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Letter from John Montgomery, Carlisle, to William Allen



Carlisle, June 3, 1774.

HONOURABLE SIR: I have been lately over the mountains as far as Westmoreland Court House, about thirty


miles this side of Pittsburgh. There is nothing to be seen but desolation and distress; hundreds of families are flying to the interior parts of the Province; those who would willingly make a stand are discouraged for want of ammunition and arms; which articles they cannot be supplied in only from Philadelphia, and I beg you would use your endeavours with those gentlemen who have the disposing of the public money, if there be any to send a supply of arms and ammunition.

It is a pity to lose that fine country; I believe there will be an Indian war, and therefore we ought to be prepared for it in time; I make no doubt but the Governour will call the Assembly in order to take proper measures for the protection of our back country. It is certain that a party of Shawanese are out on the frontiers, and it is the general opinion that they will strike some part of Virginia. There is one Camphell killed near Newcomer' s Town, and it is feared that the traders in the Shawanese country are cut off. White Eyes is returned to Fort Pitt, and says that the Delaware Indians are well disposed, but the Shawanese are determined on war. Mr˙ Croghan, I find, has deserted the Virginia cause, although I have little dependance on him, yet he is capable of doing mischief; a number of the principal people over the mountains have agreed to raise one hundred men to range from Fort Pitt to Ligonier. The inhabitants of what is called the town of Fort Pitt is about to stockade it in, and to have no connection with Mr˙ Conolly. A fort is to be built at Hanna' s, thirty miles this side Pittsburgh, one at Captain Proctor' s, seven miles from Hanna' s, and one at Ligonier, but the want of ammunition is a very great discouragement. There is a great number of men in that country, and I think were they properly encouraged would be able to make a stand. I flatter myself that you will exert yourself on this occasion.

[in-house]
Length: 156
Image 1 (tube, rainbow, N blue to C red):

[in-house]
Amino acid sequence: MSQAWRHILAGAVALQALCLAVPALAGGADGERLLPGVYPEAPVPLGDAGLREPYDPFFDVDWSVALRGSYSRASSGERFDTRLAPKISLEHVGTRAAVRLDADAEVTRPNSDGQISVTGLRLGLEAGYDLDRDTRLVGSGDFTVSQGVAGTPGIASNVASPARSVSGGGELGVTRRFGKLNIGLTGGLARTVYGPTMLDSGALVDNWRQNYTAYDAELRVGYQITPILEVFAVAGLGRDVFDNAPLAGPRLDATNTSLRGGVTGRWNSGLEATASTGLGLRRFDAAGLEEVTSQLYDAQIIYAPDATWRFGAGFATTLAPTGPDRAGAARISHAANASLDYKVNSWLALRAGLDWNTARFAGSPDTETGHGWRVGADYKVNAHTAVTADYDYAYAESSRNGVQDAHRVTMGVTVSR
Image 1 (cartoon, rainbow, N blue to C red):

I am, honourable sir, your very humble servant,


P˙ S. This and a letter for his Honour goes by express from this place. I hope his expenses will be paid by Government.